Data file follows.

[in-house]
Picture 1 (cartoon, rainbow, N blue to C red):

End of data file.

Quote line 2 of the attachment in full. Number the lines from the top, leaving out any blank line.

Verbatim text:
Picture 1 (cartoon, rainbow, N blue to C red):